Arminianism teaches that the gospel of Jesus Christ is accompanied by prevenient grace, that God is at work in a person to convict and reveal truth and enable faith — but not irresistibly so. Everyone hearing the gospel message has an opportunity to respond in humility of faith or reject in pride. However, in Calvinism, a person can hear the gospel message many times and reject it in willful pride for many years before God finally regenerates them. This reveals an inconsistency with what the Bible teaches about the offer and rejection of life through Christ, that God opposes the proud. Calvinism has God giving the grace of regeneration and the humility of faith to those who previously rejected Him in pride, perhaps for many years.
Those who hear the gospel message are accountable to respond in faith. If they refuse, it’s because of pride. Whatever the reason for one’s rejection, pride is always the root cause. To say otherwise would contradict such Scriptures as those I quoted earlier (Matt 18:3; Jn 3:19; Ro 1:18). As long as a person continues to reject Christ, God will continue to oppose. It’s only when a person humbles himself before God in faith, that He extends the grace of salvation. To grant the grace of regeneration would be a violation of His own law, because regeneration is tantamount to salvation. It’s rewarding pride with salvation. It has God ignoring pride, and granting humility in its place. Senseless.
On the other hand, Arminianism makes perfect sense. The gospel message is presented, the Holy Spirit does the necessary work in bringing about conviction and revealing truth and freeing the will and enabling faith, and then extends the grace of salvation to those who humble themselves in faith. Likewise, God refuses those who refuse Him in pride. This is a very simple truth that Calvinism severely complicates.
2 – Not only does Calvinism have God ignoring pride, and then making prideful rejection impossible (after regeneration) by giving the humility of faith in its place (via irresistible grace), but I contend that in order for humility to be genuine, there must be the availability and possibility of pride. And again, I’m referring to what takes place after regeneration. If pride is not present or is not an option, how then, can there be humility? Humility must be measured by something else. There must be the possibility of the response of pride in order for the response of humility to be revealed as such. Yielding in humility, necessarily, requires a turning from that which counters. True humility is defined by that which would challenge one to respond in the other direction. Yet, in Calvinism, upon regeneration, pride is not even a possibility, which reveals a humility that is illegitimate. The Calvinist version of humility only works for God. Humility is an inherent attribute of God, and therefore, doesn’t need the possibility of pride to validate His humility. But we’re not God. As sinful beings, whether born-again or not, there must be the availability and possibility of pride in order for the response of humility to be seen as such. The Calvinist version of humility is false.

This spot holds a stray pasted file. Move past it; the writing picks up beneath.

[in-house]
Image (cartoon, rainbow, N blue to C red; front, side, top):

3 – There’s yet another reason why the Calvinist version of grace is invalid, and that has to do with their inconsistent view of regeneration as it applies to the response of obedience in a person’s life. As Christians, even though we’ve been regenerated, sin and pride and self-will have not been eradicated. Pride and self-will is still a present possibility in our lives. With that being true, it’s a total fallacy that regeneration always results in the obedience of faith unto salvation (Acts 6:7; Ro 1:5; Ro 16:26), as Calvinism teaches. While Calvinists may have an issue with the idea that sinners can resist the Holy Spirit as He’s drawing them to faith in Christ, what do we do as Christians? Does the fact that we’ve been born-again and are indwelt by the Holy Spirit guarantee that we will always obey the Word of God or the promptings of the Spirit? What Calvinist would answer in the affirmative? If that were the case, there wouldn’t be any sin among God’s people; we would all be living perfect lives before God. But the truth is, we walk in the influences of the Spirit, not in the irresistable control of the Spirit, as though we had no will of our own. While we as believers are drawn to obedience, it’s not in a manner that locks our will into submission. We’re given the freedom to choose which way we will go — and sometimes, if not often, we choose to go our own way. Again, what Calvinist could disagree with that?
Therefore, why would it be any different with the “regenerated” sinner who doesn’t even know Christ? Regeneration is the same at every point in one’s life, and it’s the same Holy Spirit who works within a regenerated life at every point. Nowhere does Scripture indicate that the composition or the operation of regeneration changes at any point in a person’s life.
So then, Calvinists would have us believe that a person is under the irresistible control of the Holy Spirit one moment, and then suddenly in a resistible state the very next — that the sinner is irresistibly drawn to the obedience of faith, but as a believer he or she is then put into the place where they’re free to choose to obey or not to obey.